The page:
Los Angeles - Three feature films, an Oscar - and several Razzies.
Prince's film career blazed brightly but briefly compared to his 40-year reign in music, even if he left his mark on Hollywood with countless movie and television soundtracks.
Like many other music stars from Madonna to David Bowie and Michael Jackson, Prince's time in front of and behind the camera left a very faint trace compared to his huge impact in the music studio and on stage.
From the success of "Purple Rain" in 1984 to the failures of "Under the Cherry Moon" (1986) and "Graffiti Bridge" (1990), Prince's film career lasted a mere six years.
But he racked up an Oscar and a Golden Globe - as well as a handful of Razzie Awards, the satirical prizes handed out to the worst film performances.
Photogenic, flamboyant, adept at playing sexual and androgynous roles in videos and during his stage performances, Prince Rogers Nelson wanted to be in film very early in his career.
"Prince's films and videos add up to one long, fascinating post-modern striptease, all knowing smiles and salacious glances at the camera, showing everything but revealing nothing," The Hollywood Reporter wrote this week, shortly after his death at age 57.
Prince emerged on the Hollywood scene when the album that had established him as a major pop star, "Purple Rain," was made into a semi-autobiographical film about a young musician - "The Kid," after Prince's nickname "the Kid from Minneapolis" - from a dysfunctional family trying to make his name.
Directed by Albert Magnoli, "Purple Rain" attracted an audience that extended far beyond the ranks of Prince's music fans and earned him an Oscar for best movie soundtrack.
Made on a relatively paltry budget of US$7 million (S$9.48 million), "Purple Rain" generated more than US$68 million at the US box office.
Prince's label Warner Bros. saw the film as "useful only to the extent to which it could augment Prince's music career," said Landon Palmer, a University of Indiana researcher who specializes in rock musicians in film.
"The fact that the film became a phenomenon on its own took the studio by surprise." Buoyed by its success, Prince went behind the camera to direct the ambitious musical "Under the Cherry Moon," filmed in back and white, in which he acts, sings and dances, playing a gigolo on the French Riviera attempting to seduce a wealthy heiress, played by Kristin Scott Thomas in her first major film role.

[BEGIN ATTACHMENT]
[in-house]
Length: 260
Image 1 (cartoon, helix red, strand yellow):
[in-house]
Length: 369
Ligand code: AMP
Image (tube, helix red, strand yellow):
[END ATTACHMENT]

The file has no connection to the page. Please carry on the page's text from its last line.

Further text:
The soundtrack includes the hits "Kiss" and "Girls & Boys." Critically panned, the film was a commercial failure.
"Graffiti Bridge," fared even worse. A sequel to "Purple Rain," it follows the Kid's future life as a performer who battles for control of a club he co-owns. Savaged by critics, it earned only US$4.5 million in US theaters, and the soundtrack faded into obscurity.
Prince won Razzie Awards for Worst Director, Worst Actor and Worst Song in 1987, and was nominated for "Worst Actor of the Century" - which went to Sylvester Stallone.
Failure for "Graffiti Bridge" spelled the end of Prince's big-screen dreams.
"While Prince's career as a screen actor is certainly limited... his screen career is undeniably his own, successful or not," Palmer said.
"Like so much of his career, Prince sought to exercise absolute creative control and autonomy over his often idiosyncratic vision, and 'Under the Cherry Moon' and 'Graffiti Bridge' are as much a part of his unique creative personality as the albums with which these films are associated." Still, Prince continued to provide soundtracks for a vast number of movies and television shows - a total of 166, according to the authoritative website IMDb.com.
In 2007, his music for the animated film "Happy Feet" earned him a Golden Globe.
Among his most notable soundtracks, the music for Tim Burton's "Batman" (1989), which sold millions of copies, bailed out the artist, who was struggling through the first gaps in his musical career amid tensions with Warner Bros.
Prince's role reflected the penchant of film studios at the time, which were keen to cross-promote movies with hit pop soundtracks, Palmer said.
"The 'Batman' soundtrack better represents what Hollywood was trying to get out of rock stars during the 1980s than any of his onscreen appearances."